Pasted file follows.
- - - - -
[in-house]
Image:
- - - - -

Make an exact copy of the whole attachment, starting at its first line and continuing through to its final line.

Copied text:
[in-house]
Image: